BEE BALM (Monarda didyma)

N America

Monarda didyma is a tall, aromatic herb that grows along stream banks & ditches in its native North America. It can reach 2 to 4 feet in height, preferring moist soil & sun or light shade. It blooms from mid to late summer, producing flowers that resemble CRIMSON fireworks.


The genus was named for the Spanish botanist Nicolás Monardes, who wrote a book in 1574 describing plants of the New World.



Tea made from Monarda didyma is an aromatic aid to digestion, calming & relaxing.  It is known as Oswego Tea in America & Canada; in France it is called Gold Melissa Tea.


Monarda Squaw


Bees’ Favourite.

This is a plant which appears on gardening programmes with clouds of bees buzzing round its showy flowers.

Other names: Bergamot, Crimson Beebalm, Horsemint & Scarlet Beebalm.


“The Oswego Indians of western New York prepared an herbal tea from dried out fragrant Monarda didyma leaves. This was picked up by the early colonial settlers, who used these leaves as a substitute for imported tea, which was in short supply following the Boston Tea Party.

The Shakers believed that Oswego tea has the aptitude to treat colds as well as tender throats effectually. On the other hand, some settlers steamed the entire Monarda didyma plant and breathed in the vapour to unblock sinuses.”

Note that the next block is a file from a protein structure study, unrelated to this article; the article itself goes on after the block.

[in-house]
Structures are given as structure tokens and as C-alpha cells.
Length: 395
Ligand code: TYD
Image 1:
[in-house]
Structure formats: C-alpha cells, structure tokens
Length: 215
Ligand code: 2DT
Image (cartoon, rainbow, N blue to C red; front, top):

Oswego Tea –

Bergamot, Monarda didyma


Our first Bee Balm, with its MAGENTA flowers, was a late addition to 2012’s garden. Brought back from the Hornsey Pet and Garden Shop in Crouch End, it was a casualty of winter in 2013.




In 2015 we ordered a RED Monarda, ‘Squaw’ from Specialperennials in Cheshire. ‘Squaw’ arrived in the post, was planted up in a deep ceramic pot, & went on to provide a season of vivid CRIMSON RED flowers. But it had no visitors, no pollinators at all.

We wondered whether the bee species who visit it had been affected by the long hard winter & wet spring. Perhaps ‘Squaw’ resented being planted in a container. We hoped that its second season would prove bee-friendly.

Monarda Squaw


February 2016 : Many small Monarda leaves cover the soil surface in the pot. All have holes from slugs or snails, not a problem if the new blooms flower as they did in 2015.

September 2016 : In its second season, Monarda ‘Squaw’ grew to 3 feet in height & did indeed welcome the pollinators. Small snails carried on nibbling the leaves, till picked off & put on the birdtable. Bees, dangling from the red flowers, were unbothered.

In 2017 the Monarda flowered beautifully, but bees were uninterested. Perhaps it needed more sunshine to produce its nectar & could do with its pot being shifted..

The RHS website says Monarda is prone to slug damage, & should not be allowed to dry out in summer or succumb to winter wet.